LANSING, Mich. (BP) — Isaac Van Loh, 16, says his team’s victory on a Michigan quiz show helped to vindicate homeschooling and prove its rigor.
The Lansing Homeschool Chargers’ late-April win was the first time in the 26-year history of “QuizBusters,” a show on Michigan PBS affiliate WKAR that a homeschool team garnered the championship.
“It shows that we’re not just sitting at home or going on field trips to the amusement park,” Isaac told the Lansing State Journal. “We’re actually learning stuff.”
The Chargers faced formidable opponents in the returning champion Okemos Chieftains, who had consistently dominated the 60-school tournament.
Both teams faced a gauntlet of questions ranging from particle physics and Scottish literature to botany and African geopolitics — a range of inquiry likely to panic most adults. Yet kids on both teams remained calm and collected, routinely buzzing in answers before host Matt Ottinger could even squeeze out the first few words of the question.
Chargers captain Lily Van Loh (Isaac’s older sister), 18, scooped up the first two answers. From there, the Chargers never looked back until the ending bell declared them the winners 390–310. Lily, though exhibiting focus and ease throughout the intense competition, said it had not always been quite so. Her first quiz competition during her freshman year also was on TV. She buzzed in without having any idea what the answer to her question was. Years of practice and hard work honed her skills and those of her teammates.
“We learned to play really good quiz bowl through trying and losing a lot of games,” teammate Derek Edwards told the Lansing newspaper.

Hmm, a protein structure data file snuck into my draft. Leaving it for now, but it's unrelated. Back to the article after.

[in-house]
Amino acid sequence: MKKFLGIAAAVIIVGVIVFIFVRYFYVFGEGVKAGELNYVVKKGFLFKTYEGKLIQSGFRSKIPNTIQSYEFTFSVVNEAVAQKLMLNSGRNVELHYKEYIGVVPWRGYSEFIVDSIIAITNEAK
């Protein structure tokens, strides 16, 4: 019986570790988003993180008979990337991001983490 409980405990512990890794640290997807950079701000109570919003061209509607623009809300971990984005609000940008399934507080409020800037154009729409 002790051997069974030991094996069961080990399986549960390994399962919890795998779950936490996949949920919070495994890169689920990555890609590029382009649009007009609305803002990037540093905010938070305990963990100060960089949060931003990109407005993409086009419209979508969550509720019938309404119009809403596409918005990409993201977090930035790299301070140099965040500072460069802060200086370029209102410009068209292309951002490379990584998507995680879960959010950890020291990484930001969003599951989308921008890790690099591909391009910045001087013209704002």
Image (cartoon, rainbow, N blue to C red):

The Chargers’ other secret was not to make quiz prep an obsession. Van Loh family dinners were not organized into complicated interrogations, nor were the teens subjected to midnight wakeups to probe their mastery of minutiae.
And, while many schools devote extra study and resources to quiz bowl preparation — strategically assigning spheres of knowledge to team players — the Chargers let their capabilities overflow from general study. Of course, playing quiz bowl made them quickly apply what they learned, resulting in what Lily termed a “beautiful cycle” of motivation. Quiz bowl “made my life a hundred times easier,” agreed Naomi Van Loh, Lily and Isaac’s mother.
Lily also credited the Christian faith of team members with keeping them grounded. QuizBusters creates an environment where kids can become “cocky and insufferable,” she explained, as adults heap compliments on them. The Chargers stood out by carrying themselves with humility, she said, while admitting that there were occasional struggles.
Lily laughed recalling whenever they entered a match exuding great confidence, they invariably suffered a sound beating. “That’s not just embarrassing on a physical level,” she said. “There are lessons to be learned on a spiritual level, too, that I won’t forget.”
Lily was excited at how her experience will help toward her goal of becoming a teacher since she now knows “how to get a kid to love to learn.” She acknowledged the hardest part of getting kids involved is their fear of being wrong. “You can’t let it crush you,” she said, “but you have to pick up and buck up and move forward.”